‘Around 5am I could hear talking so decided to give up trying to sleep and headed towards the kitchen. The volunteers who had been in the kitchen only a few hours earlier were incredibly already back, along with volunteers from St John Ambulance. An array of juices and breakfast bars were laid out to re-energise the participants of the Sleep Out. Getting a hot chocolate, I initially stood listening to the stories being passed back and forth but with every story, came a dozen or more questions and with that, my eyes were opened even more.’
‘I learnt many things; what shocked me the most was learning how some homeless people will, from time to time, commit a crime to purposely be put in jail. Why though? To know they have a bed, a shower and a meal every day. Rehabilitation can be such a far-away dream and what I would view as my worse nightmare, they see as salvation for a short time. Statistically, though Bristol hasn’t the highest population of homeless people in the UK, it does have the highest percentage of homeless with drug addictions. Charities like One25 recognise this and though would love to help eliminate the problem altogether, they always help where they can and encourage safety.’
‘The sun was still not up when I was able to leave. My chariot arrived and my knight in shining armour (aka Dad), came to pick up my belongings and what was left of me and take me home to the warmth and comfort of my bed. The thought of getting into my bed had kept me going all night, I counted down the hours until I could lie with my arms out of the covers with the warmth of my home protecting me. This thought gave me strength yet when you’re homeless, your strength must come from somewhere else as while I was catching up on sleep, their days were only just beginning again.’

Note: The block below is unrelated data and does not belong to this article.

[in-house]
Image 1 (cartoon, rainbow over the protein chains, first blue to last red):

‘Once home, the most striking thought I had; which I hadn’t considered, was being able to delayer from my multiple layers of clothing. Necessary yet not quite enough, my clothing had provided me with just enough warmth yet restricted my movement and filled me with a sense of suffocation. Peeling each layer off, the bottom layer leaving an imprint deep in my skin, I jumped into my bed and looked forward to catching up on sleep, which I did for five glorious hours.’
‘That was one night. Some of the people One25 help have been repeating that cycle for years! And in the midst have the long days, the agonising search for enough money to provide them with basics such as water and somewhere to wash, food and of course, somewhere to sleep the next night. The desperation for this is one of the reasons homeless women move into sex work. Degrading and dangerous it’s not a life many would choose and it’s a hard life to leave once in.’
‘I am truly thankful for One25. For existing to help vulnerable women and for opening my eyes. The Sleep Out wasn’t easy but it was worth it’